March 24, 2014's "5 Disastrous Attempts at Political Commentary in Comicbooks"

Thanks once again to the incomparable Nate Winchester, I was alerted to this latest offering. I'm a big fan of the site (hence its listing in Colossus's "Favorite Reads"), with contributor "Seanbaby" being my fave. However, especially within the last year, there seems to be too many of their writers who display a copious degree of cluelessness about that which they are opining. Case in point is Henrik Magnusson with his article about what this post's title says. It all begins with #5 in which, by any objective person's view, Superman makes a compromise decision which placates both sides of a situation. But since Supes doesn't side with the environmentalists, well, he's such a dick!!! Magnusson would have the Man of Steel give the middle finger to average workers who plead with him not to put the kibosh on their only source of income. These workers know the plant has been an environmental clusterf*** for years, but with Supes' help, an agreement is forged by which the company will do what's right. (A little Superman threat doesn't hurt, either!). Magnusson also thinks that Lois Lane's 1st Amendment rights supercede all this -- she should have the right, dammit, to out this plant and expose them! Maybe Magnusson could put some of this fire behind our real lapdog mainstream media so they'd do some actual reporting on President Lemon.

Also included -- predictably -- is Frank Miller's Holy Terror. Shunned by DC because of its ... "sensitive" nature, Miller took what was originally a Batman tale and turned it into one starring the generic hero The Fixer. Magnusson's title for this section is "Not-Batman Stars in Islamophobic Propaganda." Because the Fixer goes after al Qaeda. Got it? It's Islamophobic to have a good guy go after murderous terrorists just because they happen to be Muslim. Consider: It's really hard to imagine someone screaming "Germanophobia" over the cover of Captain America #1, isn't it?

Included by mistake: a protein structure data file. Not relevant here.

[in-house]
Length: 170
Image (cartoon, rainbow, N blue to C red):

Yep, that's Cap socking 'ol Uncle Adolf in the kisser. How is this different, again, from what the Fixer does to al Qaeda? Someone explain this to me. Because all I can come up with is that today, contemporary political correctness doesn't like the latter ... because Muslims are supposedly a "protected class." Or something. I know, we hear that "not all Muslims are terrorists" and all, and this is true -- just like not all Germans were Nazis, either.

Furthermore, if Holy Terror is so reprehensible, then why not include Truth: Red, White and Black on the list? One could easily label Truth "anti-white" and/or "anti-American," after all. The 2003 tale deals with "never-before-seen" issues surrounding the origin of Captain America, specifically how the US government attempted to recreate Professor Erksine's super soldier formula -- how the government tested imperfect copies only on African-American soldiers. This is supposed to be an analogy to the infamous Tuskegee experiment where hundreds of black farmers, most of whom were already infected with syphillis, were monitored for several decades, never being told they were ill. But the US government certainly didn't single out specific races in its various questionably unethical experiments over the years. The TV film Nightbreaker starring Martin Sheen and his son Emilio Estevez, for example, details what soldiers (of all colors) were exposed to in the early nuclear, post-WW II age. Not to mention, the Tuskegee experiment has often morphed into the legend that US operatives gave those hundreds of black men syphillis. This isn't too surprising with Joe Quesada-era Marvel as their knowledge of actual history has been found wanting. Quesada, when once discussing Truth, for example, ridiculously stated that "most of the US military" is black. He also wrote in an Iron Man tale from the early 2000s about the "extensive US nuclear testing during WW II." I'll let you figure that one out because I know you're not dumb.

An image from Marvel's Truth: Red, White and Black.

There's also the question of moral equivalence with Truth, something with which the Left has an almost biological need to do when it comes to comparing the United States to other nations. Truth would put us in pretty much the same category as the above-mentioned Nazis, which, as with just about every other such comparison the Left makes, is smirk-inducing.